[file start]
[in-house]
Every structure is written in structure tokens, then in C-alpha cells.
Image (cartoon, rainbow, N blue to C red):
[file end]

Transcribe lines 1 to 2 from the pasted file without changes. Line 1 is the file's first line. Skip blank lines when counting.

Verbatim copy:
[in-house]
Every structure is written in structure tokens, then in C-alpha cells.